Resolve to serve your faith community in some way this year such as at liturgy, in the parish’s outreach or education and formation efforts. Is it time to enhance your generosity to the parish?

 STEWARDSHIP OF THE POOR

Resolve to live with more compassion and in solidarity with those less fortunate. Remember the poor in prayer, and commit to helping relieve in some way the plight of those who are impoverished or marginalized.

STEWARDSHIP OF POSSESSIONS

Resolve to possess a little more “lightly” this year. Consider ways you can reduce the amount of all that stuff you own. Distinguish between those items that are necessary and those that are considered luxurious and unnecessary.

STEWARDSHIP SAINT FOR JANUARY

Ita of Killeedy, Ireland Ita of Killeedy, Ireland, also known as Ida, is one of the two most famous women saints in Ireland, along with Brigid of Kildare. Born near presentday County Waterford, allegedly of a royal family, she was baptized as Deidre.

She is said to have rejected a prestigious marriage for a life as a consecrated woman religious. She moved early in her life to Killeedy (in County Limerick), where she founded a small community of nuns and resided for the remainder of her life, in community with other consecrated women. She dedicated herself to prayer, fasting, a simplicity of life and cultivating a gift for spiritual discernment. Ita was well known for having the gift of being able to guide people in holiness.

She was much sought after as a spiritual director and confessor. During this period of Christianity, the Celtic Church was more advanced than other churches at the time in recognizing qualities of spiritual leadership in women and in encouraging women in this role.

It is thought that Ita may have been abbess of a double monastery of men and women and that she was a confessor to both, giving difficult penances while maintaining a forgiving and compassionate spirit. Confessing one’s sins to a priest had not yet been established as the normal form for the Sacrament of Reconciliation, and ordained priests were not yet regarded as the only members of the Church authorized to hear confessions, forgive sins, and impose penances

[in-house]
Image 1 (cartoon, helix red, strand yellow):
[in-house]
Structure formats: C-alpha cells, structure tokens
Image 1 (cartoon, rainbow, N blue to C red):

She began a school for boys, some of whose graduates became saints in their own right, the most famous of whom was Saint Brendan. She was also known as the “foster mother of the saints of Erin.”

The name “Ita” (“thirst for holiness”) was conferred on her because of her saintly qualities. She believed that the three things God most detested were a scowling face, obstinacy in wrong-doing, and too great a confidence in the power of money. Three things she believed God especially loved included a pure heart, living a simple life and great generosity inspired by gratitude for God’s gifts. Ita died sometime around 570 and was buried in the monastery she founded. It was destroyed by Viking invaders in the ninth century. A Romanesque church was later built over its ruins, but that too failed to survive. The site, however, remains a place of pilgrimage today. Ita’s feast day is January 15. Although not on the Roman calendar of saints, her feast is celebrated as an optional memorial in Ireland.

 

 

 

A Stewardship Resolution for the New Year: Living with Compassion

January is traditionally the time for new beginnings, fresh starts. For the Christian steward, the grace of being given another day, or God willing, a whole new year, stirs our deep gratitude. But it also calls us to ask what a “resolution” should really be.

Our first resolve should always be to involve ourselves more intimately in the life of Christ, and how better to do that than by embracing Christ’s call to be compassionate?